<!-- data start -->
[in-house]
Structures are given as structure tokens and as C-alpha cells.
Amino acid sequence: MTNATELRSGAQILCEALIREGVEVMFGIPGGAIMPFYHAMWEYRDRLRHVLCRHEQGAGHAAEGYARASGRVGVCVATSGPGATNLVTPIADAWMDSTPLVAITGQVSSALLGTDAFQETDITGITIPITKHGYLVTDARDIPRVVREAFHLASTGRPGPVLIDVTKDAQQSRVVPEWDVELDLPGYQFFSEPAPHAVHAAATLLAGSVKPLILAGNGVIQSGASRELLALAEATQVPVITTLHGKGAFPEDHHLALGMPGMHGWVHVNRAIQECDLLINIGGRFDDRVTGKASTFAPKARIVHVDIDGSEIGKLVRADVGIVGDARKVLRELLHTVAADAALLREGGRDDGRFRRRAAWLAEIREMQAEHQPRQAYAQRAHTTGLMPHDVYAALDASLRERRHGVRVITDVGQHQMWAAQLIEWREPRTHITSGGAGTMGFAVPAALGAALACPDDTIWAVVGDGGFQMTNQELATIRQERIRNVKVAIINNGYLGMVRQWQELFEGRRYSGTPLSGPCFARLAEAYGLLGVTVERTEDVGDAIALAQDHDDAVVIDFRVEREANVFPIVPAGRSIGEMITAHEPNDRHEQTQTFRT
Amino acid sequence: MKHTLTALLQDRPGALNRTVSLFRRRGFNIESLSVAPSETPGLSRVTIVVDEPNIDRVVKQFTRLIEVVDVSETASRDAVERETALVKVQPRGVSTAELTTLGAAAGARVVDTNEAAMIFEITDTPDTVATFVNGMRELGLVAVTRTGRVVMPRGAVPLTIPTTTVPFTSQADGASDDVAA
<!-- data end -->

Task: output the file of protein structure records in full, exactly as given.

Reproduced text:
[in-house]
Structures are given as structure tokens and as C-alpha cells.
Amino acid sequence: MTNATELRSGAQILCEALIREGVEVMFGIPGGAIMPFYHAMWEYRDRLRHVLCRHEQGAGHAAEGYARASGRVGVCVATSGPGATNLVTPIADAWMDSTPLVAITGQVSSALLGTDAFQETDITGITIPITKHGYLVTDARDIPRVVREAFHLASTGRPGPVLIDVTKDAQQSRVVPEWDVELDLPGYQFFSEPAPHAVHAAATLLAGSVKPLILAGNGVIQSGASRELLALAEATQVPVITTLHGKGAFPEDHHLALGMPGMHGWVHVNRAIQECDLLINIGGRFDDRVTGKASTFAPKARIVHVDIDGSEIGKLVRADVGIVGDARKVLRELLHTVAADAALLREGGRDDGRFRRRAAWLAEIREMQAEHQPRQAYAQRAHTTGLMPHDVYAALDASLRERRHGVRVITDVGQHQMWAAQLIEWREPRTHITSGGAGTMGFAVPAALGAALACPDDTIWAVVGDGGFQMTNQELATIRQERIRNVKVAIINNGYLGMVRQWQELFEGRRYSGTPLSGPCFARLAEAYGLLGVTVERTEDVGDAIALAQDHDDAVVIDFRVEREANVFPIVPAGRSIGEMITAHEPNDRHEQTQTFRT
Amino acid sequence: MKHTLTALLQDRPGALNRTVSLFRRRGFNIESLSVAPSETPGLSRVTIVVDEPNIDRVVKQFTRLIEVVDVSETASRDAVERETALVKVQPRGVSTAELTTLGAAAGARVVDTNEAAMIFEITDTPDTVATFVNGMRELGLVAVTRTGRVVMPRGAVPLTIPTTTVPFTSQADGASDDVAA